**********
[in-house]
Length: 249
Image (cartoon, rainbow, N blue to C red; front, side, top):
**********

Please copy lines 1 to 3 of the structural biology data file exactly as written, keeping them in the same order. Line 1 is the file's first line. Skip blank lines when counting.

[in-house]
Length: 249
Image (cartoon, rainbow, N blue to C red; front, side, top):